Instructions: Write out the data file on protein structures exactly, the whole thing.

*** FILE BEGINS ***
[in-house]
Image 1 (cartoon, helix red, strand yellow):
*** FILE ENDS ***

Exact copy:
[in-house]
Image 1 (cartoon, helix red, strand yellow):